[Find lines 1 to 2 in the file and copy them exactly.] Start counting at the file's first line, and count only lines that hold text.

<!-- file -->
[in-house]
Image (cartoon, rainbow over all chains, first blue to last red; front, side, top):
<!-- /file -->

[in-house]
Image (cartoon, rainbow over all chains, first blue to last red; front, side, top):